I could swear I read this somewhere before, but I will try and give a brief summary (and if nothing else, use it as genesis for improving docs):

 

Legacy is the kernel that comes from the mfr at the time the board is released.  Some times it can include certain drivers (particularly multimedia) that can make it better for certain use-cases (i.e., desktop).  Some times, with passage of time, the kernel gets older and older for various reason (some times not receiveing good ongoing support from the mfr, poor documentation so community can not write F/LOSS drivers (and thus get them into mainline kernel), etc.).

 

Current is based on current mainline kernel, and therefore includes whatever is supported in mainline.  This is best for long term support, and things which have good F/LOSS drivers (or even good docs from mfr) will often end up well supported here for a long time.  However until all that is working well there is some period of time where you might be better off on Legacy (and particularly for certain use-cases).

 

Which is better for someone's needs?  Hopefully you can appreciate it's not such a clear cut decision.  It also varies per board and over time.  Hopefully that was at least a little bit helpful, I will work on polishing that up and getting it back into the docs.

 

Whatever is on the download page for a particular device is the currently recommended kernel to use.  This is periodically re-evaluated, but basically it is the current consensus of developers what to recommend at this time.  And so, this is why Werner is recommending that one.  If they are not recommending 5.x current, there is probably some reason for that.  But you would have to go digging through some threads to find out why (FWIW, I also have an ODROID-XU4 and I am not even sure the full reasoning).  Having said that, maybe you try 5.x and it works great for you.  If so, please report back your findings.  Make sure and back up any important data (as always).

 

These Single Board Computers (SBCs) are quite a niche (and complicated) area within the broader GNU/Linux community, and a lot of what is done here at Armbian is quite cutting edge.  I really do not think you will find better support (for SBCs, at least) within the broader community.  Fact is, without Armbian, we would actually even be much worse off (if you can believe that).  I don't think it will probably ever be anything like a MacOS sort of experience, but I agree some things could surely stand improvement.  Which is why (personally) I try and contribute what and where I can.  Because I really enjoy these little devices.  There is no company, no business model, no nothing behind Armbian.  Just a handful of interested hackers and frens spread all over the world.  I'm actually amazed some times we accomplish what we already do on such limited resources.  But that is the reality (to keep things in perspective).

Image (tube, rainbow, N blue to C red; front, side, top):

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Thanks for your response and explanation.

I performed the backup and upgraded the kernel to 4.14.202 and it has gone smoothly.

And, Tailscale is back to it's happy self again.

 

I really enjoy these little devices too, so I will continue to try and learn more and more about them and Linux but sometimes it seems bottomless.
I appreciate the efforts of the contributors.

 

Jon

 

Screen Shot 2020-11-17 at 5.58.07 pm.png

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Thanks for reporting back.  I'm glad to hear it worked out!

 

To whatever extent you are able/willing, please consider helping out.  Armbian is just us, mate.

 

Cheers!

 

EDIT: Because title of OP was about kernel education, I took the liberty to mark my own answer as the solution, instead of one right above this, as thread was not directly about getting Tailscale itself working (rather that's a symptom).

Edited by TRS-80
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Anything is appreciated.

 

I started working on docs recently, it's a little bit of set up with git and Markdown, maybe not for everybody.  Even if you notice something, make a post about or send me PM.

 

Newer people often think they can't contribute anything valuable but that's not true.  Newer people have the unique perspective of being new.  And thus if things are unclear (docs, etc.) please say so, as you are "target market" (for lack of better term) for these docs.  Not the devs who already know much more.  In that vein, you already gave me some good feedback which is what we need to make docs better toward new users.  So, if you have any more just make note, send me a note, start a new thread, come to IRC or whatever.

 

This goes for everybody!